Quality education an ‘essential pillar’ of a better future, says UN chief
Education is an “essential pillar” to achieving the UN’s 2030 Agenda for Sustainable Development, UN chief António Guterres told an audience on Tuesday at the Paris headquarters of UNESCO, the UN Educational, Scientific and Culture Organization, ahead of the agency’s General Conference.
We must ensure universal access to basic education for every child, everywhere. Tijjani Muhammad-Bande, President, UN General Assembly
Mr. Guterres, who noted that one-fifth of young people are out of work, lack education or adequate training, praised UNESCO’s fundamental role in coordinating and monitoring global efforts, such as the agency’s initiative on the future of education.
The theme was taken up by Tijjani Muhammad-Bande, President of the UN General Assembly, in his opening remarks to a ministerial meeting on education at the Conference.
Mr. Muhammad-Bande referred to estimates showing that some 265 million children are out of school. The number is projected to fall to 220 million over the next decade, but he declared that the illiteracy figures forecast for 2030 remain a scandal: “We must remove all barriers to education. We must ensure, at a minimum, universal access to basic education for every child, everywhere.”
He also highlighted the importance of educating children effectively, and equipping them with the necessary analytical and critical thinking abilities, in “an ever-changing and more complex world”.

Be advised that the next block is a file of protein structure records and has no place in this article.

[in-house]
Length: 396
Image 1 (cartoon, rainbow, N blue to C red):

Recalling his former experience as an educator in his home country of Nigeria, Mr. Muhammad-Bande called for more efforts to ensure that teachers are adequately qualified, because “no educational system can rise above the quality of its teachers”.
Other important measures cited by the General Assembly President include strong curricula that fully integrate Information and Communications Technology (ICT); ensuring that girls complete at least 12 years of education (which, according to the World Bank, would add some $30 trillion to the global economy); and the effective monitoring and evaluation of learning.
Mr. Muhammad-Bande called on nations to meet their commitments to education spending, and for donor countries to increase international aid directed towards education.
‘Powerful agents of change’
As well as the difficulties in accessing quality education, Mr. Guterres also outlined several other challenges faced by young people: the fact that millions of girls become mothers while they are still children; that one quarter are affected by violence or conflict; and that online bullying and harassment are adding to high levels of stress, which see some 67,000 adolescents die from suicide or self-harm every year.
World leaders, and others who wield power, he continued, must treat young people not as subjects to be protected, but as powerful agents for change, and the role of the powerful is not to solve the enormous challenges faced by young people, but rather to give them the tools to tackle their problems.
Mr Guterres underscored the importance of bringing young people to the table as key partners, and praised UNESCO’s efforts to include their voices, which include holding a major event at the General Conference, and the Youth Forum.